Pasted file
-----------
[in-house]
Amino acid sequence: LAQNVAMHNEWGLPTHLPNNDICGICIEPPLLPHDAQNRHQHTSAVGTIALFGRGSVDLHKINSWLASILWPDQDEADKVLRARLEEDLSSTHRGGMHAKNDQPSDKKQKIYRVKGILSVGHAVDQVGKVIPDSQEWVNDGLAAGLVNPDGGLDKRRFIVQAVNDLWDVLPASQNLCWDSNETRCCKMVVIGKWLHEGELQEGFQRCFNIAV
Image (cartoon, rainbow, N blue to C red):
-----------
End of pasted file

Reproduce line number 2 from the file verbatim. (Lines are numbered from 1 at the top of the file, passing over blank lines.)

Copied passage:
Amino acid sequence: LAQNVAMHNEWGLPTHLPNNDICGICIEPPLLPHDAQNRHQHTSAVGTIALFGRGSVDLHKINSWLASILWPDQDEADKVLRARLEEDLSSTHRGGMHAKNDQPSDKKQKIYRVKGILSVGHAVDQVGKVIPDSQEWVNDGLAAGLVNPDGGLDKRRFIVQAVNDLWDVLPASQNLCWDSNETRCCKMVVIGKWLHEGELQEGFQRCFNIAV